I've noticed lately that post-transplant living is nothing so much as one great big balancing act. The wire is wobbly and the stakes are high -- a single misstep, however good the intentions behind the act, could spell disaster. At the same time, perfection is pretty much impossible. The job itself is complicated. Mistakes will be made. And while standing straight and still in the middle of the wire might be the safest approach in terms of not falling, it will also mean that you never perform the trick you set out to master. That ultimate trick of living your life with grace, gratitude, and maybe even a little bit of style if you're lucky.
There are a few events that sparked this realization, but honestly I don't want to get into them here. Because the events themselves, although they seemed like huge deals to me at the time, were really just a drop in the bucket. The bigger issue, for me at least, is the reality that I have to find a way to live with these things -- with immuno-suppression and side effects and awkward conversations and, yes, mistakes. Like it or not, these are all part of my life now. They're here, and they're not going anywhere anytime soon, if ever. And it's 100% up to me to learn how to identify risks, how to be wary of the danger without standing still altogether, and how to both accept the mistakes I do make and correct them in the future. I have to be both my harshest critic and able to forgive myself in order to move on. And that, my friends, isn't always easy.
So I guess I find myself back in front of the chair, and once again holding that proverbial marker in my hand. Only this time, instead of just asking what I want, I have to ask what is best for all involved: who will I hurt, what will this cost me and my family, is there perhaps someone more knowledgeable on the subject of furniture upholstery that I should consult before making this decision, will I be sad if things don't turn out the way that I expect, can the damage be undone? These are just a few of the questions I want to ask my tiny childhood self. And at the same time, I hope I can maintain the courage to still nourish that inner artist (however misguided she might have been -- I mean, seriously, a black sharpie??) and give her space to continue living and expressing and creating and thinking and playing. Just, you know, preferably on a more appropriate canvas.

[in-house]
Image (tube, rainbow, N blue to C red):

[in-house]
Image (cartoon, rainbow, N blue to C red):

So thanks to God, my doctors, and my donor for the chance to make even more mistakes in my life. And a long-overdue thanks to my amazing mom for the beautiful chair.
- I am a 33-year-old wife, sister, daughter, friend, law school graduate, CFer, lifelong student of public service, blog writer, patient, Sagittarius, reader, Top chef fan, double-lung transplant recipient (twice!), and dog owner living in Colorado's beautiful Mile High City. I love all things colorful, funny, inspiring, or needlessly sarcastic. I share my city with about 2,500,000 other remarkable people, share my disease with 70,000 other beautiful souls, share my life with some unbelievable family and friends, and share my apartment with one very handsome guy and one really fat mutt with a kick-butt personality. We make it work.
About This Blog:
This blog is about me, my life, my sometimes craziness, my disease, and my current journey as a double-lung transplant recipient. It's also a celebration of everyone out there with CF (and other chronic illnesses). It's for you, inspired by you, and dedicated to you -- the community that keeps me writing, living, and breathing.